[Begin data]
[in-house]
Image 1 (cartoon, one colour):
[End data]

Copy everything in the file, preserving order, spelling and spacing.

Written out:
[in-house]
Image 1 (cartoon, one colour):